To determine which NSObject subclasses are considered "Models" (i.e., which it should convert), JAGPropertyConverter relies on its classesToConvert property. Objects which are subclasses of a Class in classesToConvert are converted.

By default, weak/assign object pointers are not converted (but assign properties for scalars are). This is because weak references often indicate a retain loop (eg, between an object and its delegate), which would lead to cycle in the object graph and thence an infinite loop in the conversion. This property can be controlled by the "shouldConvertWeakProperties" in JAGPropertyConverter.

NSURL

NSURL properties are not technically valid for JSON or ProperyLists, so JAGPropertyConverter serializes/deserializes them using the string of the absolute path.

NSDate

NSDate properties are not valid for JSON, and different use cases will call for different serialization methods. We allow for this by the convertToDate and convertFromDate block properties. They are called when converting to/from NSDate properties with JSON output type.

NSObject properties

NSObject itself has some properties. JAGPropertyFinder ignores these. If there is need in the future, JAGPropertyFinder could take a setting determining whether it ignores or finds those properties.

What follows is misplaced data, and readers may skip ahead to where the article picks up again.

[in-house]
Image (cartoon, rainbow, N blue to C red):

NSSet

JAGPropertyConverter converts arrays to sets and vice-versa, as needed.

Example Usage

//Serialization
MyModel *model = [MyModel populatedModel];
JAGPropertyConverter *converter = [[JAGPropertyConverter alloc] initWithOutputType:kJAGJSONOutput];
converter.classesToConvert = [NSSet setWithObject:[MyModel class]];
NSDictionary *jsonDictionary = [converter convertToDictionary:model];

//Deserialization
NSDictionary *jsonDictionary = [NSDictionary dictionaryWithContentsOfFile:@"/path/to/model.json"];
JAGPropertyConverter *converter = [[JAGPropertyConverter alloc] init];
converter.identifyDict = ^(NSDictionary *dict) {
    if ([dict valueForKey:@"userID"]) {
        return [User class];
    } else if ([dict valueForKey:@"primaryKey"]) {
        return [MyModel class];
    }
    return nil;    
}
MyModel *model = [converter composeModelFromObject:jsonDictionary];

The converter can also handle NSArray, NSSet, and NSDictionary inputs as well. To see an extensive set of code samples, look at JAGPropertyConverterTests/ExampleTest.m .

Things to do